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Evaluating Resources - Rubrics for Students: Home

Rubrics to use for evaluating resources, evaluating bibliographies. etc.

What is a rubric?

A rubric is an explicit set of criteria used for assessing a particular type of work or performance. A rubric usually also includes levels of potential achievement for each criterion, and sometimes also includes work or performance samples that typify each of those levels. Levels of achievement are often given numerical scores. A summary score for the work being assessed may be produced by adding the scores for each criterion. The rubric may also include space for the judge to describe the reasons for each judgment or to make suggestions for the author.

The Google Habit

In Fall 2012, Librarians Tracey Amey and Judy Zebrowski released Library Confidential, a series of online newsletters and workshops that looked at the very real, and very changing, information seeking skills of today's students. Library Confidential is designed to educate faculty on very current issues about research skills, information literacy and critical thinking, that directly impact students' research behavior and skill development.

The inagural issue of Library Confidential highlighted "The Google Habit: the Hidden Struggle," a in-depth look at the reasons why students have come to use and rely on Google for so much of their research. Let's quickly review the highlights of those reasons because these form the reasons why rubrics can work so well for helping students reach beyond the Google Habit. They are:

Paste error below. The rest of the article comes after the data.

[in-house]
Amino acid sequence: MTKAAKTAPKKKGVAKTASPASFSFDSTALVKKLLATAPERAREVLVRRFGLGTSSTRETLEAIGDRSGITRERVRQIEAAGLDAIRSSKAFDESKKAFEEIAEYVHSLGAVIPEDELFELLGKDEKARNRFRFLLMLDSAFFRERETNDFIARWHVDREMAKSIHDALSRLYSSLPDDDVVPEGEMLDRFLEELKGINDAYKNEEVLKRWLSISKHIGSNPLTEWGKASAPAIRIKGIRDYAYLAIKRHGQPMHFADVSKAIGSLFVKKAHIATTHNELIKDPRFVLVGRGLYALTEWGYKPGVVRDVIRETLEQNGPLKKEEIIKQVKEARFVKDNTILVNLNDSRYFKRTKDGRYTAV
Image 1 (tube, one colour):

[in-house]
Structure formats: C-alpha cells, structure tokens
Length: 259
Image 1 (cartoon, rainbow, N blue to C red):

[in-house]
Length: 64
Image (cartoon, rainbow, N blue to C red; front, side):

Google Head

  • repeated and consistent success
  • ease of use
  • ignorance of other places to search for resource

The problem is this habit has side effects:

  • inability to discern different types of resources (blog comments, articles, etc.)
  • overestimation of research skills
  • easily overwhelmed by a true research database

Why a rubric?

"Rubrics possess the dual purpose of both educating students and evaluating their work." (Huba and Freed, p. 155)

  Huba, Mary E, and Jann E. Freed. Learner-centered Assessment on College Campuses: Shifting the Focus from Teaching to Learning. Boston: Allyn and Bacon, 2000. Print.

Penn College's SAILS results

From the Middle States Self-Study final report:

SAILS (Standardized Assessment of Information Literacy Skills)

o Students out-performed the benchmark on the “Documenting Sources” skill set. 
o The “Evaluating Sources” skill setis an area identified for additional attention.
o Students performed at an equivalent-to-benchmarks level on seven additional skill sets

SAILS logo